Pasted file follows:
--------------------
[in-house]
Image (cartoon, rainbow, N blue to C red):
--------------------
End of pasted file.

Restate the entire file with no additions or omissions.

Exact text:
[in-house]
Image (cartoon, rainbow, N blue to C red):